Archive for Anime and Manga

Girl Power

Ran into an interesting article from out of Brownsville about the city’s first female comic shop owner. Actually, most of the article focuses on women who read comics, and what they prefer to read.

While the Japanese-style art can be popular among female readers, Hodge has an even mix of men and women as readers. She said every reader is different, and shouldn’t be limited by gender.

“Female readers aren’t some strange creatures that you ‘figure out’ to cater to,” she said. “The comics just have to be good, interesting stories. If the comic book industry treats female readers as an oddity, we notice, and we don’t like feeling that way. So we wouldn’t buy a book that makes us feel so.”

Hodge has enjoyed comics of all kinds since she was little.

“My mom would bring me the comics from the newspaper and I would try to draw them as practice,” she said. “As a teenager though, I became very interested in anime, with Sailor Moon being the first show to really catch my interest.”

The rising popularity of Japanese anime provided an eye-opener for many young girls over the past decade.

Manga comics are probably the most popular comics with female readers, but it’s far from universal.

Just as male audiences associate themselves with the suave James Bond or gruff Wolverine, Martinez said some women like to put themselves in the stiletto-heeled shoes of super-heroines.

“These women have the power to be sexy, but powerful,” she said. “A girl can be voluptuous and still go medieval on you.”

With Martinez’ husband ready to publish his first comic book, the Brownsville-based hero Opossum, and Martinez herself a big collector, the couple’s daughter has grown up surrounded by comic books.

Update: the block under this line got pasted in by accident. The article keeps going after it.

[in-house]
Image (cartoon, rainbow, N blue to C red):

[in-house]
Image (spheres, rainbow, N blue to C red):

“I like Batman, Superman, Transformers,” said Angelina Hernandez, 7.


Blanco said female super-heroes are a good way for girls to get into reading comics. Younger girls can expand their reading skills and women can escape the stresses of the real world with fantasy.

Wonder Woman, the most famous female super-hero, comes highly recommended by Blanco.

“She’s just such a strong character and she’s dealing with more realistic things,” she explained.

Whatever their interests, Blanco suggests more women give comic books a chance.

“Just try something new and you’ll always have something to look forward to every month when the next story comes out,” she said. “Even if they are talking about stories in space or something else, it’s something different.”

There are a bunch of female comics readers who are big fans of superheroes — Ragnell and Kalinara are both big fans of traditional spandex-clad superheroes, plus there’s Ami Angelwings, Karen Healy, and Valerie D’Orazio, not to mention When Fangirls Attack, Sequential Tart, and the Feminist SF Carnival.

But as D’Orazio found while talking to people at Comic-Con in San Diego, most female comics readers are definitely not reading superheroes. And an ongoing problem for the major comic book companies is that they seem to be almost completely unable to market comics to anyone but white males.

Why? Because building an audience is very hard work. Traditional comics have several decades of built-in audience — again, mainly white males. Building an audience beyond white males has a lot of roadblocks in the way — it’s hard to convince new audiences that they should be interested in comics, because women and non-whites are used to thinking of comics as a “white-guys-only” medium. And comics companies are usually parts of large corporations — and if one particular comic doesn’t sell a lot of copies, the corporate bean counters may order the plug pulled.